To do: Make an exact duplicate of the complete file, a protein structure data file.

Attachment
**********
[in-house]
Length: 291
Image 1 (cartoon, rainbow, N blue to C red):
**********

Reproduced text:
[in-house]
Length: 291
Image 1 (cartoon, rainbow, N blue to C red):